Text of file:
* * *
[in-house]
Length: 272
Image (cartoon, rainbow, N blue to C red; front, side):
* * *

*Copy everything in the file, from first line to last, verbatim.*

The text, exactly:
[in-house]
Length: 272
Image (cartoon, rainbow, N blue to C red; front, side):